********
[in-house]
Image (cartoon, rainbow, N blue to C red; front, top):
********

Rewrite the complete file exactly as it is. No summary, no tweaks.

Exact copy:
[in-house]
Image (cartoon, rainbow, N blue to C red; front, top):